This is my last newsletter of the year. Writing weekly newsletters has been surprisingly fun. I didn’t think I’d always be able to find something to say, but it would seem that I underestimated myself. Still, in the next several days, I will be taking some time off to be with my loved ones, so you won’t hear from me until we’re firmly ensconced in 2020 (which I think is the most numerically satisfying year we’ve had in a long time. I look forward to writing "2020" all year long!).
This week I’m in Accra, the humid, bustling capital of Ghana. I came here to speak at an event called Adventures Live!, to which I was invited by Nana Darkoa Sekyiamah, a brilliant feminist and communications strategist. Adventures Live! was organised to commemorate the 10th anniversary of the blog Adventures from the Bedrooms of African Women, which publishes exactly what you imagine. The blog was co-founded by Nana Darkoa and Malaka Grant, and for the past decade it has been a valuable community-building and knowledge-sharing resource for women from all over the continent on the subjects of pleasure, sexual freedom, and more.
Nana Darkoa is a dear friend and a great event organiser, so I was excited about this event from the moment I heard about it. I generally find gatherings that prioritise the knowledge, experiences and wellbeing of people who are marginalised really inspiring, and Adventures Live! was no exception. Throughout the day, we talked about pleasure, safety, sex, love, power and freedom from the perspective of queer folks, women, sex workers, and any combination of the three.
I made new friends, hugged old friends, and held hands with people I had just met. I bought a book written by Lady S Kibibi, in which she chronicles a few of her experiences as a transgender sex worker in Canada and Côte d’Ivoire. I danced with people from Haiti, Kenya, and Ghana. I shared my ideas on what it means to find pleasure, be personally free, and raise liberated children in today’s world. I walked in on a session where someone was teaching people how to put condoms on a phallus (flesh or silicone) with just their lips. It was spectacular.
What struck me the most, though, was a remark by a young woman who attended the session on Women Loving Women: Exploring Pleasure. One of the facilitators was sharing her journey to understanding and accepting her asexual identity, and this young woman asked in a voice full of surprise, "So you’re saying it is really possible to love someone and not want to have sex with them?" Many voices chorused, "Yes, it is."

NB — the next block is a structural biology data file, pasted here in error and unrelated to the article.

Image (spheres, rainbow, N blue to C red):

At the end of the session, as everyone in the room took turns commenting on the discussion, this young woman said: "For the first time in my life, I feel normal."
I recently subscribed to an image-focused news service called Beautiful News. Their most recent newsletter contained an infographic titled Far More Unites Us Than Divides Us. It was based on a 2019 study of 85,000 people across countries, religions, economic status, genders, age groups and education levels. The lowest rate of commonality was evident across countries at 84%. The other categories showed convergences of 91%, 96%, and 97%.
I was honestly a bit surprised by the numbers. If we share so much, how do we manage to fixate so aggressively on categories of difference? Why do we sustain social structures, institutions and widespread practices that result in people going through their whole lives feeling "abnormal" and suffering for it? How do we manage to amplify and denigrate difference so much that people end up ill, ostracised, and even dead? Why do we weaponise difference against people who are actually extremely similar to us?
When I introduced one of my closest family members to my female partner last year (and thus effectively "came out") over the phone, my relative took some time to think about it. "I’ll call you back," she said. An hour later, she called back and said: "You know what? I thought about it, and it actually doesn’t make that much of a difference." And she was right. Love is normal. Lust is normal. Sex is normal. Intimacy is normal. Companionship is normal. Affection is normal.
We are all products of our environments, socialisation and conditioning. Most of us grow up thinking that "normal" is what we see everyday, everywhere around us. And we are correct. But it is important to remember that "normal" is not only what we have always known. Normal is also what we do not know, have never encountered, or struggle to understand.
In a world of seven billion people, there are infinite possibilities for difference. Difference is normal. Once we accept this, it makes it so much easier to fixate not only on the 3% to 16% that differentiates us. It allows us to also see the 97% to 84% that connects us. It enables us to see the full picture, which is that we are all 100% human.
It shouldn’t be the case that people spend their whole lives not knowing they are normal, but this is what happens when we misunderstand and misrepresent difference. I like to think that the words "normal", "typical" and "common" do not mean the same things, even though most people use them interchangeably. For instance, violence is common, but it is not normal. Platypuses are not common or typical, yet they are quite normal.
The Adventures Live! festival was not typical, but it was completely normal. And I’m so glad to have been able to witness a quiet young woman’s realisation that she is really and truly normal, just like everybody else.
Till next year,